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Re: Bear Spray vs Pistol while hunting in GRIZ Country....

Postby Brendan » 07 22, 2017 •  [Post 11]

I carry both. Being honest with myself - I don't practice with my pistol nearly enough, so bear spray will get the first nod in a fast/emergency scenario.
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Re: Bear Spray vs Pistol while hunting in GRIZ Country....

Postby Trumkin the Dwarf » 07 22, 2017 •  [Post 12]

Indian Summer wrote:The most important thing though is a level head in dicey situations. Neither will do you much good if you are a panicker.


This! I've been on a fresh bear kill before (cow moose in Alaska), and we could hear the bear in the brush. I didn't know the extent of natural fear that prey animals like us can feel till then. And my partner was even packing the shotty with slugs for just such a situation.

We held it together, the bear left us alone, and I know what to expect in the future. But it would have been very easy to panic.
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Re: Bear Spray vs Pistol while hunting in GRIZ Country....

Postby WapitiTalk1 » 07 22, 2017 •  [Post 13]

I always like to share this VID from F. Eichler when we discuss this topic. I seriously doubt if a "pfffssst" sound would have stopped this mama brown bear like the big boom did. The big boom in itself, is a pretty darn good deterrent for a startled bear (I've used it a few times myself on annoying black bears and saw it in action once on Chichagoff Island (sp?) outside of Sitka while doing a nature hike on the island my pop was logging on). The effects of pepper spray are nasty indeed but I'm not so sure that they are as immediate in their desired effect to "turn" a big bear as 1. the big boom and certainly 2. nervous system disruption by a big chunk of lead being blasted through muscle, bone, organs.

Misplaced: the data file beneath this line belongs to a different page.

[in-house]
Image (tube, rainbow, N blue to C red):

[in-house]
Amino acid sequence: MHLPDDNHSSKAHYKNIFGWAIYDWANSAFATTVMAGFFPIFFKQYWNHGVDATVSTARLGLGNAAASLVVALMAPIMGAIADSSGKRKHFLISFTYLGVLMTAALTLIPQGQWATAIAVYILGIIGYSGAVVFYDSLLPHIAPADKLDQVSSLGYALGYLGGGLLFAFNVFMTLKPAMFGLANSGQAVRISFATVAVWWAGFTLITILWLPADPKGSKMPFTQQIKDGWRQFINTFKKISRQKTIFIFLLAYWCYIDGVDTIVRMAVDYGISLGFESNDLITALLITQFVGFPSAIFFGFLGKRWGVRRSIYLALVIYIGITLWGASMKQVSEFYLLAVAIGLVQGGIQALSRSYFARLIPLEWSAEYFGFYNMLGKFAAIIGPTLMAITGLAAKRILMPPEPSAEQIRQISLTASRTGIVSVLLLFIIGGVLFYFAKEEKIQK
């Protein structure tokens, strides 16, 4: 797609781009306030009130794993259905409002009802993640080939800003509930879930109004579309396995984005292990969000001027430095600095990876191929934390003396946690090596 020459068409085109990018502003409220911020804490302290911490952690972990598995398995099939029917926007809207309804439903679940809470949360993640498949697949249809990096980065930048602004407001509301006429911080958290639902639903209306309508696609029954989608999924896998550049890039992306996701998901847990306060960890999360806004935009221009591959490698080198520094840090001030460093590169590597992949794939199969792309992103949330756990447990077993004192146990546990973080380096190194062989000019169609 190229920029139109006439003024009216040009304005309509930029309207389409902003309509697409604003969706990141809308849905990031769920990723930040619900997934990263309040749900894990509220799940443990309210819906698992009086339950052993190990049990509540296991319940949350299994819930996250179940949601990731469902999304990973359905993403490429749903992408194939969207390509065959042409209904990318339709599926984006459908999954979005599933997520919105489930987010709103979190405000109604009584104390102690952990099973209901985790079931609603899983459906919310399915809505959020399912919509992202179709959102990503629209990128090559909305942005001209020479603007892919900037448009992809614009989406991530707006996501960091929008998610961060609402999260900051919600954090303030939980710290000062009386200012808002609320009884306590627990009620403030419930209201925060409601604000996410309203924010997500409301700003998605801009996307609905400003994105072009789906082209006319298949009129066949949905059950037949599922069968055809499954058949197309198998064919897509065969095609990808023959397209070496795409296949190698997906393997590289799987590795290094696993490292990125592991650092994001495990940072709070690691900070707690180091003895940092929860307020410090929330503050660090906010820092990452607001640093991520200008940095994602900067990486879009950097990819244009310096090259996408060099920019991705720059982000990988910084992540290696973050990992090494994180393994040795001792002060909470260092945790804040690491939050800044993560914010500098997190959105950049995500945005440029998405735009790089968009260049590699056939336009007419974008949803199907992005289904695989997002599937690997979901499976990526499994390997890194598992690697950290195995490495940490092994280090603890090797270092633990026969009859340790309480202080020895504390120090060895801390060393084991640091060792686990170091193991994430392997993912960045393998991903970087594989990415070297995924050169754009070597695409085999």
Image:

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Re: Bear Spray vs Pistol while hunting in GRIZ Country....

Postby Mathewsz7-elkridge » 07 22, 2017 •  [Post 14]

I am thinking of carrying a smith and wesson shield 40 cal with lehigh defense extreme penetrators. Also the bear spray for first use if i have time before they get to close. If the bear is to aggressive I will go with the fire power. What do you guys thing of a small semi auto for last resort?
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Re: Bear Spray vs Pistol while hunting in GRIZ Country....

Postby WapitiTalk1 » 07 22, 2017 •  [Post 15]

Mathews, that look like an expanding copper round (solid lead gets much better penetration and has a much higher likelihood of going deep to disrupt the nervous system). JMHO, but .40 to a big bruin is like a .22 MAG to a deer. Not enough bang and quantity of projectile for the unfortunate task at hand.
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Re: Bear Spray vs Pistol while hunting in GRIZ Country....

Postby Old school » 07 22, 2017 •  [Post 16]

In Griz country I'd have my S&W 629 classic - 6" barrel 44 mag
In black bear country my Springfield Armory XD 40 cal.

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Re: Bear Spray vs Pistol while hunting in GRIZ Country....

Postby ishy » 07 23, 2017 •  [Post 17]

I know we all feel more comfortable throwing lead, but look at this study. Spray encounters 98% human unharmed. Firearms 1 in 4 resulted in human injury! Sorry folks but I like 2% way more than 25% odds. Biggest point to me is that if you are going to stop a bear you have to hit the brain or spinal cord on a charging animal that more than likely you didn't know was coming.
https://elknetwork.com/bear-spray-bullets/
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Re: Bear Spray vs Pistol while hunting in GRIZ Country....

Postby WapitiTalk1 » 07 23, 2017 •  [Post 18]